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How I can make sure that a particular thread will run in the end.

Ram Para
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Joined: Jul 09, 2008
Posts: 50
I have 10 threads. 9 have same implelentation and 10th has different implementation.
I need to invoke all of them.
But my problem is how I can make sure that 10th thread will run only after when other 9 are done ?

Priority is not working.

Thanks in advance


Ram Parashar
http://doinfinite.com
Vijitha Kumara
Bartender

Joined: Mar 24, 2008
Posts: 3825

Without looking at your code hard to give a solution. Can you join the 10th thread to the last thread before that (means you may join the threads manually in the order you need them to run) ?


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Ajay Saxena
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Joined: Nov 13, 2006
Posts: 154
A possible approach

Keep a member variable numberOfThreadsCompleted in some shared object SO. Spawn the nine threads passing a reference to this SO.
Make the main thread wait as follows



In each of the 9 child threads,at the end of the run() method ,increment the so.numberOfThreadsCompleted in a synchronized method/block,and call so.notifyAll().

In the child threads


The main thread would then exit only when all the 9 child threads are done. Spawn the 10th thread at the end of the main method.
Henry Wong
author
Sheriff

Joined: Sep 28, 2004
Posts: 18715
    
  40

Ajay Saxena wrote:A possible approach

Keep a member variable numberOfThreadsCompleted in some shared object SO. Spawn the nine threads passing a reference to this SO.
Make the main thread wait as follows



In each of the 9 child threads,at the end of the run() method ,increment the so.numberOfThreadsCompleted in a synchronized method/block,and call so.notifyAll().

In the child threads


The main thread would then exit only when all the 9 child threads are done. Spawn the 10th thread at the end of the main method.


This exact functionality is already available -- see the java.util.concurrent.CountDownLatch class. Using this class, the 10th thread simply calls the await() method, while the other 9 calls the countdown() method (upon completion).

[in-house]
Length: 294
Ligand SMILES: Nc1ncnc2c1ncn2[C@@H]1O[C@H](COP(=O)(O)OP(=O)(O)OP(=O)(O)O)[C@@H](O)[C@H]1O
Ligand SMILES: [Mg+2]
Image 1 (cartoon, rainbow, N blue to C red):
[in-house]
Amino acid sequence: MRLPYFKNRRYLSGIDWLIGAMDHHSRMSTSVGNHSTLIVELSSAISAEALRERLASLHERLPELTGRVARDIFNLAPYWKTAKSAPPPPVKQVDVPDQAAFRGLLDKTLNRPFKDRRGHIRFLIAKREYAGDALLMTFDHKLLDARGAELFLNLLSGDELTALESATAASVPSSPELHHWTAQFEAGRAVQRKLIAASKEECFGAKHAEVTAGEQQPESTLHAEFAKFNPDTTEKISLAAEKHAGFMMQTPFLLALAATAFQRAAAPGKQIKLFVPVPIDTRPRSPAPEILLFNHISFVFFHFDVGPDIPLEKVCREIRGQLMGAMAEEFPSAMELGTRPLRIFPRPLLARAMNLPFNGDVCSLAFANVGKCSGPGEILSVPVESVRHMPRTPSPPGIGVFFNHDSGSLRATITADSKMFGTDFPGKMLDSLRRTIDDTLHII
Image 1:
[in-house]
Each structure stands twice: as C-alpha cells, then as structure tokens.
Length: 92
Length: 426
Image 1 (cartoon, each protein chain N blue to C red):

Henry


Books: Java Threads, 3rd Edition, Jini in a Nutshell, and Java Gems (contributor)
Ajay Saxena
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Joined: Nov 13, 2006
Posts: 154
This exact functionality is already available -- see the java.util.concurrent.CountDownLatch class. Using this class, the 10th thread simply calls the await() method, while the other 9 calls the countdown() method (upon completion).


That would be good..You made me feel prehistoric Henry Looks like I really need to get my hands dirty with the java.util.concurrent classes... On a +ve note,getting down to the basics helps get the behind the scenes mechanics clear. That said,I again endorse the proposal for invoking the CountDownLatch APIs in this problem.
Faraz Syed
Greenhorn

Joined: Feb 12, 2009
Posts: 10
Java 1.5's CountDownLatch notwithstanding, I have a couple of questions about Ajay's solution:

Couldn't Thread.join() be used instead of the wait()-notifyAll() approach? I mean, the 10th thread would attempt to join on each of the preceding 9 threads.

Wouldn't that accomplish the desired result?

Lastly, are there any reasons to prefer the wait()-notifyAll() approach over trying to join() on each of the 9 threads?

I am a newbie when it comes to threads, and I have been thinking of this particular post for the last days.

Thanks!

Regards,
Mike Simmons
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Joined: Mar 05, 2008
Posts: 3007
    
    9
Yes, calling join() on the previous nine threads would work just fine. It's probably what I would do. The only reason I can think of not to do that is if you don't already have direct access to to a collection or array of the thread objects, or if they come from a thread pool. For example, if you're using some sort of ExecutorService to run the tasks, you don't get direct access to the threads, and you shouldn't necessarily expect the threads to terminate, anyway - they may just return to a pool and await new tasks. So calling join() on the threads won't work well here. But it works fine if you're creating Threads directly, with new Thread(), and keep them in a collection or array.

Conversely, the CountDownLatch requires you to put code at the end of the tasks the other 9 threads are using, to ensure the countDown() method is guaranteed to be called exactly once. Not difficult, unless that code is outside your control.
 
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